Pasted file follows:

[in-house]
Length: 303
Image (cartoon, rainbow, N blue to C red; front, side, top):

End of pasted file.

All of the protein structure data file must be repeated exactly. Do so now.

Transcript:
[in-house]
Length: 303
Image (cartoon, rainbow, N blue to C red; front, side, top):